• You live in Texas
  • You have a physical or mental disability, which is a substantial impediment to employment (keeps you from working in an appropriate job)
  • It is presumed that you can work after you get VR services
  • You require VR services to become employed
  • You have a disability and you are working, but you might lose your job or are under-employed because of your disability

When you apply for VR services, the VR agency has 60 days to make an eligibility determination (decide if you will get VR services). If the Counselor cannot make that decision within 60 days, the Counselor must ask you for more time, or offer extended evaluation services.

Most people who have severe disabilities can benefit from VR services to reach a work goal.

Ineligibility (You Cannot Get VR Services):

You cannot receive VR services if:

  • You do not live in Texas (ask for a referral to the VR agency in your own state),
  • You do not have a disability,
  • Your prognosis is poor and you are not expected to be able to go to work, or
  • You do not need VR services to go to work.

If the Counselor thinks your disability is so severe that you would not benefit from VR services, you should be given a chance to show whether you can work. A trial work experience should be offered to you for that purpose.

If you are ineligible, the counselor should make that decision only after providing an opportunity for full consultation with you, or with your representative. You should get an explanation of the reason in writing, including the reason for the decision. You should be told how to appeal the ineligibility decision (what to do if you do not agree) and how to contact the Client Assistance Program (CAP).

If You Are Eligible For VR Services, This Is What To Expect:

When you are eligible for VR services, you may be asked to go for different types of evaluations so a work goal and services can be planned. This is called a comprehensive assessment. The assessments will help determine the services you will need on your Individualized Plan for Employment (IPE). The services listed on the IPE should be based on your unique strengths, interests, resources, priorities, abilities, capabilities, and informed choice.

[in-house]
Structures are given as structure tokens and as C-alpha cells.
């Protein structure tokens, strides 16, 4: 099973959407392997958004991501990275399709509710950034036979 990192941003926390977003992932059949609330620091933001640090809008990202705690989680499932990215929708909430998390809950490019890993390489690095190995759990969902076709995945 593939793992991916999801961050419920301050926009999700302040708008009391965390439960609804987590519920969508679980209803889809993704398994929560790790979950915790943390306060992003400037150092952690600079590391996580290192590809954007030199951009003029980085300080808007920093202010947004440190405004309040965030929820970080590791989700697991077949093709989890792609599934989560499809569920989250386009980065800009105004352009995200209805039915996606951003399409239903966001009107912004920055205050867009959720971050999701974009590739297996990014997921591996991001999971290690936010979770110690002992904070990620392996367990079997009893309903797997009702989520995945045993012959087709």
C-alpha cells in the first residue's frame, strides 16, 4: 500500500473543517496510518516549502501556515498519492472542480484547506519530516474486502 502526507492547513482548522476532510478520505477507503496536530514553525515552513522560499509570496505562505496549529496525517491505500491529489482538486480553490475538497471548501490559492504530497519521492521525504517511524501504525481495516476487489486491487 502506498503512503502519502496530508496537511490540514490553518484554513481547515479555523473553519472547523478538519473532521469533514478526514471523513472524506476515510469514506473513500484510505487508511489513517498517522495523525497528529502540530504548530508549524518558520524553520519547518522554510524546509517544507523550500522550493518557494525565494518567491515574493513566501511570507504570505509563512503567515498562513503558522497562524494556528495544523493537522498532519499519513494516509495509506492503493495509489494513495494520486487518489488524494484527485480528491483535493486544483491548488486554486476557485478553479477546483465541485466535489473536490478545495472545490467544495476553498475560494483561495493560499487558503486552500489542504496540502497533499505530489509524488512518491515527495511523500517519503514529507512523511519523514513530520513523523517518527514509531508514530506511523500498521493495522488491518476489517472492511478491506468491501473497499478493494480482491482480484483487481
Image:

The IPE should include:

  • Your work goal
  • What services you will get
  • Who will provide those services
  • When you will get the services
  • Whether you could benefit from assistive technology services or devices, and specify the services or devices
  • How the services will be paid for (VR pays for some services; Medicare, Medicaid, or other benefits pay for some services; some services are free, like counseling and guidance by the Counselor)
  • Your responsibilities and the agency’s responsibilities in implementing and completing the plan
  • Your rights and responsibilities as a VR client (including how to contact CAP)

You may develop the IPE with assistance from a qualified Counselor employed by TWS-VR, or by a qualified Counselor who is not employed by the state, or a representative. The qualified Counselor employed by the state must approve and sign the IPE. You must also sign the IPE. It is very important that your decisions are included in the plan.

The IPE can be changed at any time. You should contact your Counselor regularly and let the Counselor know if you are having any problems with any services, your disability, or changes in your life that could affect your participation in VR services. The IPE must be updated at least once a year. You must receive a copy of the IPE.

Client Participation:

The state VR agency may, under certain circumstances, require an eligible individual to help pay for services. However, the following services are available to all eligible individuals regardless of their financial resources without a fee or participation in the cost:

  • Assessments
  • Vocational counseling and guidance
  • Referral services
  • Job search and job placement services, job retention and follow up services
  • Interpreter services to individuals who are deaf or hard of hearing
  • Reader services to individuals who are blind
  • Personal assistant services